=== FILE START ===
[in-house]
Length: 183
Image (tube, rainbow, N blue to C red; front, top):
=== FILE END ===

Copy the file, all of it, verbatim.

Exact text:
[in-house]
Length: 183
Image (tube, rainbow, N blue to C red; front, top):